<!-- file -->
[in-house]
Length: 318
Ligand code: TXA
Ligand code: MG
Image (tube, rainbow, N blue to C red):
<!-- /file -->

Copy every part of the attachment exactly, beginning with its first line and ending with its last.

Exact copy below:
[in-house]
Length: 318
Ligand code: TXA
Ligand code: MG
Image (tube, rainbow, N blue to C red):